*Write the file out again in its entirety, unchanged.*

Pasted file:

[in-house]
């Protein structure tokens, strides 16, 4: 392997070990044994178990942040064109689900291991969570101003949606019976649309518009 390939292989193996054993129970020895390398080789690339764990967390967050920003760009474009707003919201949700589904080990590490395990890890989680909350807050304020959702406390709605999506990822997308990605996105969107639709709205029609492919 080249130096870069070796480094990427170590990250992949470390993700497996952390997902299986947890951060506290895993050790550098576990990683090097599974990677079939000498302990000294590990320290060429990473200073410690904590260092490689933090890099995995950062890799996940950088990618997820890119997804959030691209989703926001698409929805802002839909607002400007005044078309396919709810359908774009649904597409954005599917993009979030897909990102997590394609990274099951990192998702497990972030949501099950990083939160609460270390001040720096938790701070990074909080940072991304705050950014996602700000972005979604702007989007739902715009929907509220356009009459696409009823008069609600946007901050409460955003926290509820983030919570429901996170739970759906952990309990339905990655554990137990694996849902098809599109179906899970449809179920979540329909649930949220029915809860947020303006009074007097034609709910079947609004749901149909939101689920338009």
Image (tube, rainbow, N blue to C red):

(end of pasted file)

[in-house]
């Protein structure tokens, strides 16, 4: 392997070990044994178990942040064109689900291991969570101003949606019976649309518009 390939292989193996054993129970020895390398080789690339764990967390967050920003760009474009707003919201949700589904080990590490395990890890989680909350807050304020959702406390709605999506990822997308990605996105969107639709709205029609492919 080249130096870069070796480094990427170590990250992949470390993700497996952390997902299986947890951060506290895993050790550098576990990683090097599974990677079939000498302990000294590990320290060429990473200073410690904590260092490689933090890099995995950062890799996940950088990618997820890119997804959030691209989703926001698409929805802002839909607002400007005044078309396919709810359908774009649904597409954005599917993009979030897909990102997590394609990274099951990192998702497990972030949501099950990083939160609460270390001040720096938790701070990074909080940072991304705050950014996602700000972005979604702007989007739902715009929907509220356009009459696409009823008069609600946007901050409460955003926290509820983030919570429901996170739970759906952990309990339905990655554990137990694996849902098809599109179906899970449809179920979540329909649930949220029915809860947020303006009074007097034609709910079947609004749901149909939101689920338009």
Image (tube, rainbow, N blue to C red):